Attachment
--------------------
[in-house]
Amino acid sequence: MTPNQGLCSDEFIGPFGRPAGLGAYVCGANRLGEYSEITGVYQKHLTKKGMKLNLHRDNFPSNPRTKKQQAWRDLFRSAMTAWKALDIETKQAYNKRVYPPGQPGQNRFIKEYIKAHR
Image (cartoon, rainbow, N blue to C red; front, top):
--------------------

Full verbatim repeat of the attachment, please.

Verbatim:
[in-house]
Amino acid sequence: MTPNQGLCSDEFIGPFGRPAGLGAYVCGANRLGEYSEITGVYQKHLTKKGMKLNLHRDNFPSNPRTKKQQAWRDLFRSAMTAWKALDIETKQAYNKRVYPPGQPGQNRFIKEYIKAHR
Image (cartoon, rainbow, N blue to C red; front, top):